The elimination is by an E2cb pathway.

Step 3. Addition of $\text{NH"_2^"-}$

The strain caused by a triple bond in a benzene ring can be relieved by a nucleophilic addition ($\text{Ad"_"N}$) of $\text{NH"_2^"-}$.

The methoxy group is electron-withdrawing by induction, so the nucleophile will attack $\text{C3}$ to place the carbanion as close as possible to the methoxy group.

Step 4. Protonation of the carbanion.

The product is meta-methoxyaniline.

para-Bromoanisole

The reaction with para-bromoanisole also follows a benzyne mechanism.

The nucleophile can attack either end of the triple bond, and the methoxy group is far enough away that its inductive effects are minimal.

The product is a mixture of para- and meta-methoxyaniline.

## Are alkyl halides sterically hindered?

Morgan
Featured 6 months ago

Sometimes.

#### Explanation:

This depends on the specific alkyl halide. For example, take tert-butylbromide and bromopentane.

tert-butylbromide:

We see that this alkyl halide is tertiary $\left({3}^{o}\right)$, making it very sterically hindered. This makes a backside attack, as seen in the ${S}_{N} 2$ mechanism, virtually impossible. Inversely, the ${S}_{N} 1$ mechanism, for example, would favor this alkyl halide well under the appropriate reaction conditions.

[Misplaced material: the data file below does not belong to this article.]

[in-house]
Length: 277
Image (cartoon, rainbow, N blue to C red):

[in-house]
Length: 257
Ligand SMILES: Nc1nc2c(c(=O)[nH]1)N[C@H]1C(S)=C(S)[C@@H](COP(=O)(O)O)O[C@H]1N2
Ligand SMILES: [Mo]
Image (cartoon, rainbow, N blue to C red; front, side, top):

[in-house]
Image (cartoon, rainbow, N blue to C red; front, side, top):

Bromopentane:

This is a primary $\left({1}^{o}\right)$ alkyl halide, which has minimal sterical hinderance. This makes a backside attack very possible, and an ${S}_{N} 2$ mechanism would be favored.

Backside attack:

For an $S {N}_{2}$ mechanism to occur, a backside attack must be able to take place. We can see below that this would much more difficult on the tert-butylbromide than the bromopentane. I've used a strong base, $N a O C {H}_{3}$ (sodium methoxide) for the ${S}_{N} 2$ mechanism. I've shown the mechanism for bromopentane first.

Note this stereochemistry could be flipped. I simply chose one possible orientation for the example.

Note the inversion of stereochemistry, a product of the backside attack. Of course, $N {a}^{+}$ is present in solution. It is a counter ion and has not been shown.

For tert-butylbromide, the backside attack isn't plausible, as there are too many other substrates bonded to the same carbon as the halide. It is literally too crowded for this mechanism to take place.

Note that I only considered ${S}_{N} 1$ and ${S}_{N} 2$ mechanisms in my examples. The same rules for elimination mechanisms still apply, and they are in competition with the corresponding substitution mechanisms.

Note: